Today marked the end of a week as well as Dr. Julia’s 30th birthday. Naturally, there was cause for much celebration.
Stacy, one of the staff (and an urban planner), baked a cake for her. Apparently the two of them go all the way back to high school, so this act of love was not a total surprise. What was surprising is that she actually succeeded in making a fantastic baked confection. The cake, which was so delicious that I’d want to have it even in the comforts of the modern world, was a gluten-free concoction with chocolate mix, egg-white ganache (?), coconut, and a hint of ginger. (I’m probably missing a lot of other ingredients.) So freaking good. And she made it in an improvised Dutch oven. Kudos to Stacy for being a creative baker.
We intended to have a dance party tonight, but that fizzled when everyone crashed after the sugar high. Oh well. Probably another night, then. Between the cake, a beer, and an absolutely pitiful dinner, there was just not the right mix of nutrition for sustained energy tonight. Plus, we have to leave by 8am tomorrow for another site visit. I think these trips are great and all, but it sure would be great to sleep in now and then.
Over the last two nights, I’ve been able to call home. (Whoo!) A conversation with Lauren made me realize that I have not accurately described my work here. When you spend 8-10 hrs a day thinking about a task, it’s easy to focus on other subjects when journaling. They seem more interesting.
I’m essentially the engineer for much of the city’s infrastructure systems: transportation, stormwater management, and energy. They have a general vision for how the components work in Anam City, e.g. they want a walkable city, use neighborhood-scale utilities running on renewable energy, etc. What I do is come in with a critical eye, listen to what they want to accomplish, and explain how to make it a reality. I’m more than a designer – I’m an engineer. They give me a problem, I find a solution. And I get to information my solution with environmental, social, and economic inputs. Brilliant.
As a recent example, this week I’ve focused mostly on roadway design. Anam is subject to regular flooding, thanks to low terrain and two rainy seasons. The city will need a reliable road system to convey goods, materials, and passenger cars (ideally transit) that can somehow withstand the onslaught of 1.5m of rainfall each year. The question, then: how do we provide all-weather access without paving everything in concrete? In drier climates, it would be easy to just spec out an earthen road. In Anam, between the heavy rains and clayey soil, the roads must be carefully designed to improve service quality and lifespan. A simple gravel road would not withstand such flooding, quickly developing ruts, potholes, and washboards.
Here’s a quick technical lesson in roadway design. In its simplest form, a road is earth that is shaped (cambered) to drain away rainwater. The drains reduce erosion from rain. However, sometimes the soil is not strong enough – particularly when wet – to support the immense weight of trucks. So the next step is to provide a strong base of a certain rock and soil composition to support the weight. For areas with heavy rain, sometimes good drainage is not enough; the surface material (gravel, rocks, etc.) washes away or water seeps through the surface and erodes away the base. In these cases, the road surface is sealed – e.g. covered with asphalt chips or concrete – to make it impervious to water.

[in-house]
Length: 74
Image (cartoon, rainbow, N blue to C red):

My goal, then, was to find a rural road surface that is impervious yet does not involve immense amounts of concrete or asphalt, both of which are energy-intensive roadway materials. After a thorough review of available literature, I compiled a list of options. Not all of them would be suitable, but I included them for the sake of comparison when evaluating the options. After presenting my findings to the staff, I will focus my investigation on the following types: earthen, gravel, stone, dressed stone, and fired clay brick.
The last option is particularly promising. Clay bricks are made of clay soil compressed into the shape of a brick and fired to improve strength. It is a promising solution for Anam because the area has an abundant supply of clay. Most paving solutions require coarse aggregate (rocks) or stone, which would need to be imported. Certainly within the realm of possibility, but it is far more exciting to create our infrastructure out of nearby materials – leveraging the available natural resources and stimulating local economy. They are building a brick factory, after all. (The bricks will be used for other purposes as well, including house construction material.)
When I put this all out in writing, it seems less exciting. Of course we should explore ultra-durable, low-tech, labor-intensive options like brick or stone road construction. But there’s no manual out there to say that. I had to learn about all the different road types, evaluate their strengths and weaknesses, consider the factors for a sensible design such as available materials and environmental conditions, and then make a recommendation. That’s… what an engineer does. Maybe I’m just making up the distinction in my head, but I’ve begun to see a separation between an engineer and a designer. While a designer provides the technical design for something, an engineer figures out what that something should be in the first place and then provides the technical specifications.
For the first time in my life, I’m working as an engineer. And it’s as a sustainable development engineer. Booyah.
Also, now I know the finer points of rural road construction. When the apocalypse happens, I can help construct new infrastructure for future ultra-sustainable societies.